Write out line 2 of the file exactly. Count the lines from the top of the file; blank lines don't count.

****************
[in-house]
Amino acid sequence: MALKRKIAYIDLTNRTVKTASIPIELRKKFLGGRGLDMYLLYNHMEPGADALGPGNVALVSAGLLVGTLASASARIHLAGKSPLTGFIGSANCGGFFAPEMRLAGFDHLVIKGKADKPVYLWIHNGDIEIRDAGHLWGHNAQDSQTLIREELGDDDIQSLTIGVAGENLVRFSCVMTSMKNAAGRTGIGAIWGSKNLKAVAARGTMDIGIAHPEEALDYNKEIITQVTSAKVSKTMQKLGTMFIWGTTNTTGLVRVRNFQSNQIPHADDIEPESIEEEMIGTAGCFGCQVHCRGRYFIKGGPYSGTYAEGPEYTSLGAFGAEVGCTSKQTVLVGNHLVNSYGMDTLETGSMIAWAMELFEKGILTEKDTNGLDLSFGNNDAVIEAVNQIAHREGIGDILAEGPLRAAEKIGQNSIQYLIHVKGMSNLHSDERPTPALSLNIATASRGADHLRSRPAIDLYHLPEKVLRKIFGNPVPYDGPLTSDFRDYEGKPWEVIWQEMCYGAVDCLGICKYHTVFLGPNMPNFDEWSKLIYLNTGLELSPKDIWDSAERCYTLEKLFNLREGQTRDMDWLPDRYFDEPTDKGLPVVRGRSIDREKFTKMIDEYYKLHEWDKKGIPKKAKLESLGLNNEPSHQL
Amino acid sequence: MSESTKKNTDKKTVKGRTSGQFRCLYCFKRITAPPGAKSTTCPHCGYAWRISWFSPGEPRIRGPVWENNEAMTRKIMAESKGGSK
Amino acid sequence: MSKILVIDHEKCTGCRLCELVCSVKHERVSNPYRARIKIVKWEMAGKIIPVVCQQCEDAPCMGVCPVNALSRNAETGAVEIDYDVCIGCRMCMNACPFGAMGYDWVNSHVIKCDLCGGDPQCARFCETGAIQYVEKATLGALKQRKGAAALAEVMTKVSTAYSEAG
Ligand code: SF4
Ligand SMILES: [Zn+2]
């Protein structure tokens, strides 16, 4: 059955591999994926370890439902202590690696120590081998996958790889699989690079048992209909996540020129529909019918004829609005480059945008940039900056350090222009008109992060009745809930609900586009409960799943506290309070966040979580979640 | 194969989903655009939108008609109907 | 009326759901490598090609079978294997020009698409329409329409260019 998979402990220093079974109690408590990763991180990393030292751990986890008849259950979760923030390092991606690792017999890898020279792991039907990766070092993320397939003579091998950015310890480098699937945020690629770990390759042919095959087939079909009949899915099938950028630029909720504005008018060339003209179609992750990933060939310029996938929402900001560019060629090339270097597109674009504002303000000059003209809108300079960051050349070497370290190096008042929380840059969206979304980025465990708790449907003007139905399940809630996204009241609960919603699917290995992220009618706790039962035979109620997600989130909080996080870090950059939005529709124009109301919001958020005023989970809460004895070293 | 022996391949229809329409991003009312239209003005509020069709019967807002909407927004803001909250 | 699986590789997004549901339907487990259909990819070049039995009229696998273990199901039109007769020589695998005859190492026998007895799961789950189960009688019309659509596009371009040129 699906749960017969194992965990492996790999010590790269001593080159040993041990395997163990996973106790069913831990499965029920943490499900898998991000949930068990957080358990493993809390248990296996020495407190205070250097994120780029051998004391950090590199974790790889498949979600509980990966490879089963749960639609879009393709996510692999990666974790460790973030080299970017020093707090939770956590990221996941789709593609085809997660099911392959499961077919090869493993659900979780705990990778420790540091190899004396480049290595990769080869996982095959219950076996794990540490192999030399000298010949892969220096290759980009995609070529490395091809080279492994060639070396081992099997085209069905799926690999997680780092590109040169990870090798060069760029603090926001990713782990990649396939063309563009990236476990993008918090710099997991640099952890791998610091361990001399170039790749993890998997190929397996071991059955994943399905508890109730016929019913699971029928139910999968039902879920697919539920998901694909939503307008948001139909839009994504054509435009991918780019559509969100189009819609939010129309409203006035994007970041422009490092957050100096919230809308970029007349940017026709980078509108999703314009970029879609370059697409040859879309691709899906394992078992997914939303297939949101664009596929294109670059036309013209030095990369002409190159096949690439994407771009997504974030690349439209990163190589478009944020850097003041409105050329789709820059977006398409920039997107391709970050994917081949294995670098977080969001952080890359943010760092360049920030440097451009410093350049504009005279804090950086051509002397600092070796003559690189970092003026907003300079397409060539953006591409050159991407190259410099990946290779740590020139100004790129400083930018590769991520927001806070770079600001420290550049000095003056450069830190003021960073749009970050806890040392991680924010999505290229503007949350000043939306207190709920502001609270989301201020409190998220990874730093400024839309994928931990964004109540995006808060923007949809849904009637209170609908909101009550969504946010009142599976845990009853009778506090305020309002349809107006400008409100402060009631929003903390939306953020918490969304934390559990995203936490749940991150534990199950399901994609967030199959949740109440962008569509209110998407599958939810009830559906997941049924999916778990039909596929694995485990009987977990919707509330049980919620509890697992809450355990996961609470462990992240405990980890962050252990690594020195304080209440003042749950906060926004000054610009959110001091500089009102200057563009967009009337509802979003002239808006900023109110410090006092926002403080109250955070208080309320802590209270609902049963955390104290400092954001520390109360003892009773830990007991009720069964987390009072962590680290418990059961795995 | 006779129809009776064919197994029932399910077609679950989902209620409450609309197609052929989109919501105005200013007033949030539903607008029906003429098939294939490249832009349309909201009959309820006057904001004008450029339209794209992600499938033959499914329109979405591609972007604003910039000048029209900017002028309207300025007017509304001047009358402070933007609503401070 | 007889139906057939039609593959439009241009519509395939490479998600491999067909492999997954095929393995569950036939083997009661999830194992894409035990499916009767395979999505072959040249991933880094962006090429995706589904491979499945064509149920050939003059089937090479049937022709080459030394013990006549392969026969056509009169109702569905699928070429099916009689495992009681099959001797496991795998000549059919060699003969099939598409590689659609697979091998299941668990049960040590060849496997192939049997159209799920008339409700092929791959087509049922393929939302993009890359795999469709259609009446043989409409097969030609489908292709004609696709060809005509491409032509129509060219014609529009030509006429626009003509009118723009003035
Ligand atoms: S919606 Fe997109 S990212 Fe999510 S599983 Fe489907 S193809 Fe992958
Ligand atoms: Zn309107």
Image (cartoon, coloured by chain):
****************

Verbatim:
Amino acid sequence: MALKRKIAYIDLTNRTVKTASIPIELRKKFLGGRGLDMYLLYNHMEPGADALGPGNVALVSAGLLVGTLASASARIHLAGKSPLTGFIGSANCGGFFAPEMRLAGFDHLVIKGKADKPVYLWIHNGDIEIRDAGHLWGHNAQDSQTLIREELGDDDIQSLTIGVAGENLVRFSCVMTSMKNAAGRTGIGAIWGSKNLKAVAARGTMDIGIAHPEEALDYNKEIITQVTSAKVSKTMQKLGTMFIWGTTNTTGLVRVRNFQSNQIPHADDIEPESIEEEMIGTAGCFGCQVHCRGRYFIKGGPYSGTYAEGPEYTSLGAFGAEVGCTSKQTVLVGNHLVNSYGMDTLETGSMIAWAMELFEKGILTEKDTNGLDLSFGNNDAVIEAVNQIAHREGIGDILAEGPLRAAEKIGQNSIQYLIHVKGMSNLHSDERPTPALSLNIATASRGADHLRSRPAIDLYHLPEKVLRKIFGNPVPYDGPLTSDFRDYEGKPWEVIWQEMCYGAVDCLGICKYHTVFLGPNMPNFDEWSKLIYLNTGLELSPKDIWDSAERCYTLEKLFNLREGQTRDMDWLPDRYFDEPTDKGLPVVRGRSIDREKFTKMIDEYYKLHEWDKKGIPKKAKLESLGLNNEPSHQL